Uncertainty about how to apply the CPGs arose because the CPGs had force of law as delegated legislation, yet had been drafted and evolved as guidelines, with mandatory and nonmandatory processes and language.

The real challenge remains whether following the changes to section 44 of the FMA Act and removal of the discretions in Regulation 8 of the FMA Regulations in July 2009, the framework provides sufficient discretion to delegates to exercise judgment about value for money and to make good sensible procurement decisions in tune with market expectations and commercial realities. The very flexibility introduced by the FMA framework as a result of the Audit Act 1901 (Cth) and the Finance Delegations was taken away.

The introduction of a rules-based procurement framework is a clear signal by the Australian Government that it intends for agencies to govern and undertake their own procurement in compliance with the CPRs. Agencies and officials who do not comply with the CPRs will do so at their risk. Following the decision in Williams v Commonwealth of Australia [2012] HCA 23, developments overseas relating to procurement rules and directives and recent public comment about the improper use of government resources, agencies will be under even greater scrutiny. Going forward, a clear understanding of the financial management and policy frameworks (as they now operate), particularly the exemptions, will be essential.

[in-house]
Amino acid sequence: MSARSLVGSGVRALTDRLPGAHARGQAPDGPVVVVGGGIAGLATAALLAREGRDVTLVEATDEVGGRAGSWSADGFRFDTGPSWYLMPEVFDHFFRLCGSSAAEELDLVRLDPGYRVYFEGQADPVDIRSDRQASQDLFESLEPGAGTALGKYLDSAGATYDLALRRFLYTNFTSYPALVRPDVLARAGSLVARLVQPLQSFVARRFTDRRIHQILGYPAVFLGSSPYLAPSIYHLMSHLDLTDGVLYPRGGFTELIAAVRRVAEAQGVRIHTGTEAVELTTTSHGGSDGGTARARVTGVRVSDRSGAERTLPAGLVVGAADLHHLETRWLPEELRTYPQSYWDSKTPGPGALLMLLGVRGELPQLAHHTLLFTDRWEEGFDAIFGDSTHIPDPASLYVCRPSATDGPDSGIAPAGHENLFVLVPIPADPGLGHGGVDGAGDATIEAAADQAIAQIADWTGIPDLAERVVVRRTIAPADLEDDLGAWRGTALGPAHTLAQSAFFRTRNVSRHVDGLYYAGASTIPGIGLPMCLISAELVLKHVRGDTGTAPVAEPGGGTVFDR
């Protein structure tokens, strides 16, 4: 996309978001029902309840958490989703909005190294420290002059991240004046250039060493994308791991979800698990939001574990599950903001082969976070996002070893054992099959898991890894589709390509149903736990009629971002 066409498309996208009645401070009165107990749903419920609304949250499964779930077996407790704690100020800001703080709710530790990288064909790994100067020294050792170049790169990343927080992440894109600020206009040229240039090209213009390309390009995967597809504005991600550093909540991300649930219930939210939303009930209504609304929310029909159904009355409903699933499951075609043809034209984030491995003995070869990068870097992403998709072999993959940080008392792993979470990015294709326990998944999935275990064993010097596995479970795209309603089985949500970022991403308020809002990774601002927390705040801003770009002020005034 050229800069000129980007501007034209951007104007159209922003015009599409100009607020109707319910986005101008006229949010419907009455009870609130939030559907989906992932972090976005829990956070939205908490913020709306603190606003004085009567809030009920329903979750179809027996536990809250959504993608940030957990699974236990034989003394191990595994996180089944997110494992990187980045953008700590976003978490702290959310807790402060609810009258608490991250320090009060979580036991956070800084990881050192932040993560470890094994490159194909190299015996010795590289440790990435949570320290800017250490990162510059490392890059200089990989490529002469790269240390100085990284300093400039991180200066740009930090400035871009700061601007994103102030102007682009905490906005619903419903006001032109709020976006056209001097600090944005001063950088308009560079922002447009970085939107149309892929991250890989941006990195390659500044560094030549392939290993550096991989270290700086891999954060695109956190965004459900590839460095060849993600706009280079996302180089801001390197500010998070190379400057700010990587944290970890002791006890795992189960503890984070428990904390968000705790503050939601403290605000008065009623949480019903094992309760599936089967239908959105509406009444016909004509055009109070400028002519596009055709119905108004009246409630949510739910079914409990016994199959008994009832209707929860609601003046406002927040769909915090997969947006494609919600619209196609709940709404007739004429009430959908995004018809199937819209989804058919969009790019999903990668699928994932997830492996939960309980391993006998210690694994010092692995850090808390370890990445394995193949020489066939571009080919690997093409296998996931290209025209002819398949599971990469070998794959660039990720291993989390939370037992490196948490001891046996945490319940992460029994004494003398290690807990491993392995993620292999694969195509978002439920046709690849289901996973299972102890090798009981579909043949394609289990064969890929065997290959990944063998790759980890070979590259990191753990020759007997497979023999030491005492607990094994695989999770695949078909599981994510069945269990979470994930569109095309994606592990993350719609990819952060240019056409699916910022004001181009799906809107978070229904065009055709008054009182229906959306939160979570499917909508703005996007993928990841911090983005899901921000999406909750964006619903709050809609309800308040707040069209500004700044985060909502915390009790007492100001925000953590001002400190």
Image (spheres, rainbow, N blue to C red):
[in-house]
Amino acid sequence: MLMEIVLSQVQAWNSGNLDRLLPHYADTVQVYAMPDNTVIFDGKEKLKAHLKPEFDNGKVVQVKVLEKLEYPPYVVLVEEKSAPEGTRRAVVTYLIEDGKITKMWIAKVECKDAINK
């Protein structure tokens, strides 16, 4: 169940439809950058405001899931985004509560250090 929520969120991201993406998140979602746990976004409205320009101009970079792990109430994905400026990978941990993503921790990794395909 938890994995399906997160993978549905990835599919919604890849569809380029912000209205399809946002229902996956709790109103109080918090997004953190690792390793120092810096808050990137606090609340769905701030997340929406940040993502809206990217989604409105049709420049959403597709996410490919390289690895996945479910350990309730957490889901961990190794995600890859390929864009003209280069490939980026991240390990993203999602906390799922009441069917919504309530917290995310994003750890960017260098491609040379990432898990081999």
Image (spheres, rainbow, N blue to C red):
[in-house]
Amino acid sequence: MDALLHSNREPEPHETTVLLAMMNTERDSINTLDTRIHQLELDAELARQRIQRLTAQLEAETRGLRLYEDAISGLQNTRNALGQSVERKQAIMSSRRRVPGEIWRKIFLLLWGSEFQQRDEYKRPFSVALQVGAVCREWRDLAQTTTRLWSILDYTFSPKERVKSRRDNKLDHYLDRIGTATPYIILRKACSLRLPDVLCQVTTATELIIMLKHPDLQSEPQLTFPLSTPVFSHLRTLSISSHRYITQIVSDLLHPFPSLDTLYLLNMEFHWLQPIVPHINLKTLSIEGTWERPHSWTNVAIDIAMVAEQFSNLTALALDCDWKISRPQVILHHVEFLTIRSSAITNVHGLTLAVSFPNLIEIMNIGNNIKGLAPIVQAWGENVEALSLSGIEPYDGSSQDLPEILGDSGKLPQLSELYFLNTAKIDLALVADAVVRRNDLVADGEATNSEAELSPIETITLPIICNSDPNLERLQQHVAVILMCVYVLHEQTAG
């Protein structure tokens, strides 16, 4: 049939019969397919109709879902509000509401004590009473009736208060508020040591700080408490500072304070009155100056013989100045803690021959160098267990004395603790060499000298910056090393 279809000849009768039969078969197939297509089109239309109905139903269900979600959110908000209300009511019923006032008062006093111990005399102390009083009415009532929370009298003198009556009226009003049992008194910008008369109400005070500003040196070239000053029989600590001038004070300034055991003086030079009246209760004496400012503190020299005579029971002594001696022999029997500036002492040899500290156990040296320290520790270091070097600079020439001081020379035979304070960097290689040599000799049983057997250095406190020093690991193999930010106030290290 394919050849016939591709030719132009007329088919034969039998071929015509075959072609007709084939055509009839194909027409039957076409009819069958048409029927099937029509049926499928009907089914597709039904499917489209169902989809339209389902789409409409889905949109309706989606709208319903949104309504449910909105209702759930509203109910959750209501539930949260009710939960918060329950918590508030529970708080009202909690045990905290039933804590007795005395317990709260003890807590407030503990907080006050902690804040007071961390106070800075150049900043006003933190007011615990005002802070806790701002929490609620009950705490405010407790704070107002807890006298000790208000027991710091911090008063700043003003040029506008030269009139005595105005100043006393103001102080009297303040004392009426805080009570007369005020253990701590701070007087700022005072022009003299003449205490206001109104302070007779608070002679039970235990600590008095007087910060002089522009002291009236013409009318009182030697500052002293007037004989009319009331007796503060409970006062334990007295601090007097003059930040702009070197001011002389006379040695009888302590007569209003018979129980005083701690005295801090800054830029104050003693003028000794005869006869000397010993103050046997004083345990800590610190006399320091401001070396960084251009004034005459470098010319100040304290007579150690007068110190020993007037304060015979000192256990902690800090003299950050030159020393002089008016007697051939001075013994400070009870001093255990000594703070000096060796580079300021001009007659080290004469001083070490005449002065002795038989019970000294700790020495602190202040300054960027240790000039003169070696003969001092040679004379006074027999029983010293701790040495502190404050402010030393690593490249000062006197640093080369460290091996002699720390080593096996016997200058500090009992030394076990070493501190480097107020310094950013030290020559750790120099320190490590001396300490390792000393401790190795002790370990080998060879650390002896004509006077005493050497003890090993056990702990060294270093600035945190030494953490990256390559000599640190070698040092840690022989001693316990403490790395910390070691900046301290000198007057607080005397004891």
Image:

As the CPRs bed down, we see that there will be further opportunities for improvement of the procurement framework to achieve leading practice and keenly wait for the next phase of the Australian Government’s program of continuous improvement.